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Being held to high standards early in life pays off

Oct 15, 2023 Leadership, Success

I recently commended a food & beverage manager at one of our leading coastal hotels on the efficiency with which her staff were handling a packed-out dinner service, and the attention to detail they were demonstrating.

Rather than bask in the praise, she immediately told me that she had an early mentor to thank for this. When she was a young trainee in a different hotel group, the general manager there drilled certain routines and standards into every staff member. Smile and greet guests, ideally by name. Lay the cutlery out in exactly the same way every time, with precision. Keep looking around to see which diner needs your attention. Dress immaculately—no slippage in cleanliness and smartness is permitted.

The drilling she received, the manager told me, put her in good standing throughout her career. She is now in the leadership team of one of our most prestigious boutique hotels. Without that rigorous on-the-job training, her standards might not have been that high.

That got me thinking about how we learn to excel. As youngsters, we are far from fully formed. We have not yet had the life and work experiences that will define and shape us. Those typically come in our twenties, when we are exposed to supervisors and managers and leaders for the first time. Those early interactions can be extremely important.

I myself am very grateful for some of the hard-ass managers I encountered early in my career. It is a piece of great fortune to have been exposed to those standard-bearers and nit-pickers. It was not fun at the time, let me admit; many of those managers were terse and brusque, and despotic in their approach. They would brook no relaxation of the standard. There were many moments of despair at being pulled up yet again, at being told something I had done was not good enough, at a piece of writing I had submitted being thrown back after receiving the brutal red-pen treatment.

But life, as Kierkegaard told us, can only be understood backwards. I was exposed to the highest standards by a procession of tough managers during the formative years of my career. My feet were held to the coals many a time. It was painful, but I know now that it was also fruitful.

Most careers benefit hugely from early rigour—but we have to be tough enough to embrace it. Many lines of work require adherence to rules, standards, and codes. A writer cannot play fast and loose with spelling and grammar. A coder can’t be slapdash and careless and expect to get away with it. A doctor cannot rely on guesswork and whimsy. A lawyer must know the letter of the law, and how to interpret it. An editor must be painstakingly watchful of the material that is being published. A carpenter must be extremely mindful of angles and measurement. Anyone delivering customer service cannot be attentive momentarily—it’s an all-or-nothing requirement.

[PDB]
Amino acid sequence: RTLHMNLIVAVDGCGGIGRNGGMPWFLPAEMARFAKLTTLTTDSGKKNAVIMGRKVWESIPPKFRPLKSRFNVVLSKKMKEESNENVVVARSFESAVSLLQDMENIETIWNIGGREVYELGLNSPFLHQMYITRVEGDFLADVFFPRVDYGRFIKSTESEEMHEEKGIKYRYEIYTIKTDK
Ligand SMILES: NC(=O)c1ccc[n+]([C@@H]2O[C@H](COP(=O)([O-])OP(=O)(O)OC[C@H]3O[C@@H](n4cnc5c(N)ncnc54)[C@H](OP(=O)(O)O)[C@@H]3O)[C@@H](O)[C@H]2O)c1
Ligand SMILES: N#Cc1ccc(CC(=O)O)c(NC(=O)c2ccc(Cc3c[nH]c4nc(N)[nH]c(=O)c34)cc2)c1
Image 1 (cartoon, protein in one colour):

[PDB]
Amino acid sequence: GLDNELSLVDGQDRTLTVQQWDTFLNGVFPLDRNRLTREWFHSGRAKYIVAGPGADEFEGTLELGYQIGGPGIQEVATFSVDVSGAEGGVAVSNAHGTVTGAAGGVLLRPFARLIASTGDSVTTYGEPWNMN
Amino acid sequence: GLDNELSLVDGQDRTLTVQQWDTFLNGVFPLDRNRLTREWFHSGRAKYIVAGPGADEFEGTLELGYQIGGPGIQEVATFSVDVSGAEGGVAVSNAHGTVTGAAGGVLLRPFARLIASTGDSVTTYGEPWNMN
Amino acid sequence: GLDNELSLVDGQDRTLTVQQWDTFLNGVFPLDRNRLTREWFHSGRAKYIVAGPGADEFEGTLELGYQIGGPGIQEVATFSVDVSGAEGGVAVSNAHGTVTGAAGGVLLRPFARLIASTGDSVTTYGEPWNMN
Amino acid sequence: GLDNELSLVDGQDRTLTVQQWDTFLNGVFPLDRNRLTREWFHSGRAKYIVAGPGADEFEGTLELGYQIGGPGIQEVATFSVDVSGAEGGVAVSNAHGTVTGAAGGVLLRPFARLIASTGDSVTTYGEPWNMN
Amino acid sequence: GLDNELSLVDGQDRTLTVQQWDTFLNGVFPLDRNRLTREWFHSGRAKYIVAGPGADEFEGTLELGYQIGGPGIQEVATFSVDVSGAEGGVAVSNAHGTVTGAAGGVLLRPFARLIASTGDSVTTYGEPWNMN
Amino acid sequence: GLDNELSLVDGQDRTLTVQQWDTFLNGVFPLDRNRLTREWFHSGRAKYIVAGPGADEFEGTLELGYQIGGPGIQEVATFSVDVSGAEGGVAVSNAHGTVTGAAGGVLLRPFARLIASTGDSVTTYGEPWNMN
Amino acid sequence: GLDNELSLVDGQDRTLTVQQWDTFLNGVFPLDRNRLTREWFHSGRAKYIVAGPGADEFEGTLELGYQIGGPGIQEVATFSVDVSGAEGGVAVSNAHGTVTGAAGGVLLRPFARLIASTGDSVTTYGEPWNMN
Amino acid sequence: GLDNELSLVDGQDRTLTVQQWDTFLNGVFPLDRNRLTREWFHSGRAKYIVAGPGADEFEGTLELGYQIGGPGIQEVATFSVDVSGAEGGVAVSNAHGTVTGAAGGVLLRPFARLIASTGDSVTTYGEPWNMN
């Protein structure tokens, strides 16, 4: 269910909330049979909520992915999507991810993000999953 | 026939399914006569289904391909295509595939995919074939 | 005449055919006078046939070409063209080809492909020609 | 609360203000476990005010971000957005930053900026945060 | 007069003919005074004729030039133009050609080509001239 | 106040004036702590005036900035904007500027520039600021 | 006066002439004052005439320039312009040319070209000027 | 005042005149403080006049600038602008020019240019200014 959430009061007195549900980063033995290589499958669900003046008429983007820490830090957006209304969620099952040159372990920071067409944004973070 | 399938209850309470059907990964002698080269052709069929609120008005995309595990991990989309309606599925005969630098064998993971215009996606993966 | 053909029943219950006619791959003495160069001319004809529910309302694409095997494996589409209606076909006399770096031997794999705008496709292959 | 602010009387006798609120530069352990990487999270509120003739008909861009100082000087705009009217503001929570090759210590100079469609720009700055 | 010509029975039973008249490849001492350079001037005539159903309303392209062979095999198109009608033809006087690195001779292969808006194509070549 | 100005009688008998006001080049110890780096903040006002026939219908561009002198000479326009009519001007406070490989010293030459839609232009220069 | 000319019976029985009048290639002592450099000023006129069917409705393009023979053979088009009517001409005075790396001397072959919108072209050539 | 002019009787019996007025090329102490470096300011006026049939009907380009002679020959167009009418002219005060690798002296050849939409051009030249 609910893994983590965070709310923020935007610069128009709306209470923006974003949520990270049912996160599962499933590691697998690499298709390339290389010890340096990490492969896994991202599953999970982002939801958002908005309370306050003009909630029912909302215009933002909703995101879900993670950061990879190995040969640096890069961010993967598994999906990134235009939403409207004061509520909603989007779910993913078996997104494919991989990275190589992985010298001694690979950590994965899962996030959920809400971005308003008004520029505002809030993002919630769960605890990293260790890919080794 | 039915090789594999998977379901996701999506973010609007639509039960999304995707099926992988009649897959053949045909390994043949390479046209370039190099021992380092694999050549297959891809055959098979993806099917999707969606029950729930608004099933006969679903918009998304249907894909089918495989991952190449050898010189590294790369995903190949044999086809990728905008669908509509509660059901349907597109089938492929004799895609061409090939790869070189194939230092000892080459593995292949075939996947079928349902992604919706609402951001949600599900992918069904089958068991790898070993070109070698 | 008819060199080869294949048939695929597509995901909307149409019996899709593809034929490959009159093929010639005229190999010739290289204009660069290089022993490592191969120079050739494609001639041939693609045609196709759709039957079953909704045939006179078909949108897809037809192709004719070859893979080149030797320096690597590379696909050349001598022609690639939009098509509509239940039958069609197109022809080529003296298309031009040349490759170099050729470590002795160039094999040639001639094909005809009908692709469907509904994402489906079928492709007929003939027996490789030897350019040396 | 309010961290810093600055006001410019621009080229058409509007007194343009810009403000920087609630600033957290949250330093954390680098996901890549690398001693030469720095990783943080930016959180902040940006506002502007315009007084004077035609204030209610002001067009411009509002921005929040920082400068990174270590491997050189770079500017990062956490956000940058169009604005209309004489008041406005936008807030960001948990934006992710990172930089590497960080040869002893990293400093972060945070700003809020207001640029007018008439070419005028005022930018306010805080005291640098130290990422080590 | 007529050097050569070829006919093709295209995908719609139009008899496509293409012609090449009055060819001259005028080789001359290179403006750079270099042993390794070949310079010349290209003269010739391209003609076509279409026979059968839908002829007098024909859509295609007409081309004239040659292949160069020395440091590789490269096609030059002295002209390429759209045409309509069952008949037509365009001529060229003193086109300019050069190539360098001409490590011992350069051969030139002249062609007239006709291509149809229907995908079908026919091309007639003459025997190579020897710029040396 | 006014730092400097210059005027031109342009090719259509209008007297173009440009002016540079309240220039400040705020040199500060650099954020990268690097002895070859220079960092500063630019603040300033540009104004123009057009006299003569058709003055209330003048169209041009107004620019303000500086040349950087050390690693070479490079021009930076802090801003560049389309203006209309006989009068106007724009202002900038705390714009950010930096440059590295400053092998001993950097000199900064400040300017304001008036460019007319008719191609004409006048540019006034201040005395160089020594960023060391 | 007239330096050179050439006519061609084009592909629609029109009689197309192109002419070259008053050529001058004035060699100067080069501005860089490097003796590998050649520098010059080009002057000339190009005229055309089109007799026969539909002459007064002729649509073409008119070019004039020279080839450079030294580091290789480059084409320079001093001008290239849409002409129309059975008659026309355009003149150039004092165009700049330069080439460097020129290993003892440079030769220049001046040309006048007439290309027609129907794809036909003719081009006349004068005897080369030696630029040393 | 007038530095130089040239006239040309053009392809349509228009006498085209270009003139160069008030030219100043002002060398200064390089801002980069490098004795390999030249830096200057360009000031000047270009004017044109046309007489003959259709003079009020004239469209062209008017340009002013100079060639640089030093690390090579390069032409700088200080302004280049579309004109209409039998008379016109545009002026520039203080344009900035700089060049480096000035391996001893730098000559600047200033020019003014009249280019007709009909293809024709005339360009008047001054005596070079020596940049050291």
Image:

In these occupations and professions—and indeed in most forms of endeavour—a slapdash or lackadaisical approach does not cut it. Those who try to get away with shoddy or perfunctory work soon get found out. It is the same when you are running your own business or freelancing. For how long can you get away with low standards? After a sequence of failed orders or rejected submissions, you will be sitting in the debris of your collapsed venture.

And so, we must be ready to accept and embrace tough lessons in our careers. They strengthen us and make us more adept and skilled. Of course, imparting essential skills to young people can also become a form of bullying. Back then, too many managers were gleefully harsh, as their managers had been with them. Holding youngsters to high standards was sometimes done with an ugly acerbity, an unforgiving severity. That need not be the case.

The best teachers and mentors hold you to a high standard, but they do it with compassion and empathy. The real difference comes from the purpose of the training and drilling—is it for the trainer’s advancement, or the trainee’s? Those who do it for themselves have no interest in the person, just the process. It is their own accolades and rewards they chase.

Those with a bigger deal in life are very interested in the uplift of others. They don’t want precision and perfection for their own sakes—but for humanity. They want their lives to reflect an advancement, a modicum of progress in the way things are done. They work through others to attain a higher standard for all.

Back at the hotel I referred to at the beginning of this column, I saw an interesting occurrence. I was running a client seminar, and had an impromptu request: for breakout groups to be set up outside in the gardens. I observed some employees who were bringing the chairs and tables gazing at the grass. It was slightly long—but not noticeably so. Nonetheless one of them ran off and came back with a mower, and cut it in a precise pattern. 

No manager was needed; the junior employees felt the need themselves, and just did it. Aha, I thought. Someone’s wise drilling has done its job.

(Sunday Nation, 15 October 2023)

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